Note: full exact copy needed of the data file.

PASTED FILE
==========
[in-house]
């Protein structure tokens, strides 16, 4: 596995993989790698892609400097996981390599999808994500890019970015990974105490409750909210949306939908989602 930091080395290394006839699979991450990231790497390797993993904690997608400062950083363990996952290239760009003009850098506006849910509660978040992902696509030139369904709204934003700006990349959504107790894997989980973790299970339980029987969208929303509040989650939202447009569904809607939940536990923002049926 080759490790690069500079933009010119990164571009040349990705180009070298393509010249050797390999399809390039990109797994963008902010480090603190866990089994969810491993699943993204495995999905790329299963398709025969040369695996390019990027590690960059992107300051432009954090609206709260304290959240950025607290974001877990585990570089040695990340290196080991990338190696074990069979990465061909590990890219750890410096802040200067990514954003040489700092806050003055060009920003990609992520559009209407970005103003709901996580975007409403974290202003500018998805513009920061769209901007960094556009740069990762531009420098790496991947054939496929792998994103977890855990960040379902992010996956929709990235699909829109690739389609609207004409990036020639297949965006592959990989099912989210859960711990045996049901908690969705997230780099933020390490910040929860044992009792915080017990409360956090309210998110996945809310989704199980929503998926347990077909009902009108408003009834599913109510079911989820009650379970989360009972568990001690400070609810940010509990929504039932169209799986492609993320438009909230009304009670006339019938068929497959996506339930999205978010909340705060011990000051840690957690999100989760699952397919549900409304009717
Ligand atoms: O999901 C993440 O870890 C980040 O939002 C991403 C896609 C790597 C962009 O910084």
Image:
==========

[in-house]
């Protein structure tokens, strides 16, 4: 596995993989790698892609400097996981390599999808994500890019970015990974105490409750909210949306939908989602 930091080395290394006839699979991450990231790497390797993993904690997608400062950083363990996952290239760009003009850098506006849910509660978040992902696509030139369904709204934003700006990349959504107790894997989980973790299970339980029987969208929303509040989650939202447009569904809607939940536990923002049926 080759490790690069500079933009010119990164571009040349990705180009070298393509010249050797390999399809390039990109797994963008902010480090603190866990089994969810491993699943993204495995999905790329299963398709025969040369695996390019990027590690960059992107300051432009954090609206709260304290959240950025607290974001877990585990570089040695990340290196080991990338190696074990069979990465061909590990890219750890410096802040200067990514954003040489700092806050003055060009920003990609992520559009209407970005103003709901996580975007409403974290202003500018998805513009920061769209901007960094556009740069990762531009420098790496991947054939496929792998994103977890855990960040379902992010996956929709990235699909829109690739389609609207004409990036020639297949965006592959990989099912989210859960711990045996049901908690969705997230780099933020390490910040929860044992009792915080017990409360956090309210998110996945809310989704199980929503998926347990077909009902009108408003009834599913109510079911989820009650379970989360009972568990001690400070609810940010509990929504039932169209799986492609993320438009909230009304009670006339019938068929497959996506339930999205978010909340705060011990000051840690957690999100989760699952397919549900409304009717
Ligand atoms: O999901 C993440 O870890 C980040 O939002 C991403 C896609 C790597 C962009 O910084």
Image: